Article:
The telecom giant was sued for violating Philadelphia’s “Ban the Box” ordinance, which forbids employers form asking about potential criminal histories.
The applicant says her charges were “resolved,” but she was still denied a second interview after not meeting T-Mobile’s background standards. She also alleges racial discrimination based on disproportionate arrests of minorities.
Zindora Crawford, of Philadelphia, applied for a manager position with T-Mobile in July of 2015, hoping to put a stint in Pennsylvania’s Accelerated Rehabilitative Disposition program behind her. Her time in the program resulted from an August 2012 incident in which she was arrested and charged with multiple counts of theft of services, theft by unlawful taking, receiving stolen property, unlawful use of a computer, computer theft, computer trespass, criminal use of communication facility, and conspiracy.
Although acceptance into an ARD program is not intended to constitute a conviction, it may be statutorily construed as a conviction for purposes of computing sentences
on subsequent conviction, according to state code.
In her complaint, Crawford claims she has never been convicted of any of the August 2012 charges, so she was surprised to learn that her application was rejected sometime after her first interview.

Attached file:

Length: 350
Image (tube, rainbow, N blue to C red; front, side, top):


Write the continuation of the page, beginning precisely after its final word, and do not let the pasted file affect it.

“We regret to inform you that we found it necessary to reject your application for employment. This decision may have been made in whole or in part by information contained in a consumer background investigative report made, at our request…” T-Mobile management wrote in her rejection letter.
Crawford filled charges of discrimination a few months after receiving the letter, alleging that T-Mobile’s use of arrest records has a disparate impact on minorities.
She is now suing on nine counts, eight violations constituting standard employment discrimination and retaliation, and one violation of the Ban the Box Ordinance.
The complaint stated that T-Mobile, “further violated Philadelphia’s Ban the Box Ordinance because it did not provide [Crawford] with ten days to give an explanation of her record, proof that it was wrong, or proof of rehabilitation,” however the rejection letter included as an exhibit in the complaint states, “if anything contained within your background report was inaccurate, you have a right to dispute the accuracy of the information with Accurate Background, Inc.”
Accurate Background appears to have conducted Crawford’s background check on behalf of T-Mobile. They are not named as a defendant in the case.
The suit was filed in the Eastern District of Pennsylvania by attorney Stephanie J. Mensing on behalf of Crawford with Judge Joel H. Slomsky presiding.
A representative from T-Mobile said they do not comment on ongoing litigation.